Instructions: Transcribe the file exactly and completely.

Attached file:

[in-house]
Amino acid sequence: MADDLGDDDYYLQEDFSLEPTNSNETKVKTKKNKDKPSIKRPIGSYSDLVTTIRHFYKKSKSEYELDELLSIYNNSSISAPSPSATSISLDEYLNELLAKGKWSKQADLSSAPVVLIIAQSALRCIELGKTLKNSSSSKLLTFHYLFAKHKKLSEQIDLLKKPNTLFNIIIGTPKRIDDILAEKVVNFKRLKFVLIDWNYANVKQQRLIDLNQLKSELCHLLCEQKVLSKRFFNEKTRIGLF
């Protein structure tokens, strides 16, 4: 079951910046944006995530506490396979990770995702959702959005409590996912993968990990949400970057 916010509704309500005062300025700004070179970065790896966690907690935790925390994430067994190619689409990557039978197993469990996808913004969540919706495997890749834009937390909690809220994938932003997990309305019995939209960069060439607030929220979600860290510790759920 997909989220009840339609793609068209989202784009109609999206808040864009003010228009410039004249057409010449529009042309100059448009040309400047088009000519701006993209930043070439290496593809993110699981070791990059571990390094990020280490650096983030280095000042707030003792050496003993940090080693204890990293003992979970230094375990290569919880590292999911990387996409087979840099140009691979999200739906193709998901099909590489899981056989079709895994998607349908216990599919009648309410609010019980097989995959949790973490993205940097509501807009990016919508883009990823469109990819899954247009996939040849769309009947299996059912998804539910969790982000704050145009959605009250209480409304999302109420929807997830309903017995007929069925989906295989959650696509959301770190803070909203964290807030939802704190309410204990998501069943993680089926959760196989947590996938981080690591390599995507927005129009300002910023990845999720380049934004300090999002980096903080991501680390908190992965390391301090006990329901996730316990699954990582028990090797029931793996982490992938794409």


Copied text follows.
[in-house]
Amino acid sequence: MADDLGDDDYYLQEDFSLEPTNSNETKVKTKKNKDKPSIKRPIGSYSDLVTTIRHFYKKSKSEYELDELLSIYNNSSISAPSPSATSISLDEYLNELLAKGKWSKQADLSSAPVVLIIAQSALRCIELGKTLKNSSSSKLLTFHYLFAKHKKLSEQIDLLKKPNTLFNIIIGTPKRIDDILAEKVVNFKRLKFVLIDWNYANVKQQRLIDLNQLKSELCHLLCEQKVLSKRFFNEKTRIGLF
């Protein structure tokens, strides 16, 4: 079951910046944006995530506490396979990770995702959702959005409590996912993968990990949400970057 916010509704309500005062300025700004070179970065790896966690907690935790925390994430067994190619689409990557039978197993469990996808913004969540919706495997890749834009937390909690809220994938932003997990309305019995939209960069060439607030929220979600860290510790759920 997909989220009840339609793609068209989202784009109609999206808040864009003010228009410039004249057409010449529009042309100059448009040309400047088009000519701006993209930043070439290496593809993110699981070791990059571990390094990020280490650096983030280095000042707030003792050496003993940090080693204890990293003992979970230094375990290569919880590292999911990387996409087979840099140009691979999200739906193709998901099909590489899981056989079709895994998607349908216990599919009648309410609010019980097989995959949790973490993205940097509501807009990016919508883009990823469109990819899954247009996939040849769309009947299996059912998804539910969790982000704050145009959605009250209480409304999302109420929807997830309903017995007929069925989906295989959650696509959301770190803070909203964290807030939802704190309410204990998501069943993680089926959760196989947590996938981080690591390599995507927005129009300002910023990845999720380049934004300090999002980096903080991501680390908190992965390391301090006990329901996730316990699954990582028990090797029931793996982490992938794409």